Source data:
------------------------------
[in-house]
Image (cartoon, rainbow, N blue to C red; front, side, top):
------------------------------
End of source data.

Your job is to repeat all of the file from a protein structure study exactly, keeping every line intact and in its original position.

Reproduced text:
[in-house]
Image (cartoon, rainbow, N blue to C red; front, side, top):